It seems a strange freak of the unseen to endow this unimaginative, unreflective man with the faculty of observing his proper self as a detached object, and of setting down his deeds and thoughts as if he, the writer, were not the doer. The more we read the more it looks like a practical joke on humanity, as if some coterie of spirits had conspired and said: Let us provide this man with the power of seeing himself precisely as he is, and the desire to write down what he sees. He will take it seriously, and it will be sport to observe the precision with which he will set forth what he believes he comprehends. Some such supposition seems necessary to account for the marvellous fidelity of the record and the absence of all sense of moral contrast or humor. Towards Christmas time of 1664 there comes bunched together a number of entries of such ludicrous

incongruity that it does not appear possible a man could calmly write them, or allow them to remain. "Going to bed betimes last night we waked betimes and from our people's being forced to take the key to go out to light a candle, I was very angry and begun to find fault with my wife for not commanding her servants as she ought. Thereupon she giving me some cross answer I did strike her over her left eye such a blow as the poor wretch did cry out and was in great pain, but yet her spirit was such as to endeavor to bite and scratch me. But I coying with her made her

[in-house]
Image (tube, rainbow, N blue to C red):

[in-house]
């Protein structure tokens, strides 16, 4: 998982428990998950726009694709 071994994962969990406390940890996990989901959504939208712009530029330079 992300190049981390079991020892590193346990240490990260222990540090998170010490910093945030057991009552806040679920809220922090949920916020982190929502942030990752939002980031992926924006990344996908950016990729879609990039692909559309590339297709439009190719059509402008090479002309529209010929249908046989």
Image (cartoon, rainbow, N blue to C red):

cease crying, and sent for butter and parsley, and friends presently with one another, and I up, vexed at my heart to think what I had done, for she was forced to lay a poultice to her eye all day, and is black, and the people of the house observed it." What should impel a man to write out in full an incident like this is a mystery on any ordinary estimate of humanity; but when, having dealt so by his own wife, he proceeds to relate how later in the day he keeps a disgraceful tryst with the wife of one Bagwell, an underling in the Deptford yard, and how he fares therein, the reader is impelled to fall back on the assumption of the unseen powers. For there is, and can be, no reason why a man should wish to remember such things; if some jocular spirits did not impel him for their amusement to do so, it is clear he would choose to forget. But Samuel records faithfully. Next day (his wife's eye being bad, though she in good temper with him, poor thing!) he has further deeds of iniquity to record with Bagwell's wife. Looking out for the comet which was then surprising England, he reaches Christmas Day. "Up (my wife's eye being ill still of the blow I did in a passion give her on Monday last) to church alone, where Mr. Mills, a good sermon." After dinner, "To the French Church, but coming too late I returned, and to Mr. Rawlinson's church where I heard a good sermon of one that I remember was at Paul's with me, his name Maggett; and very great store of fine women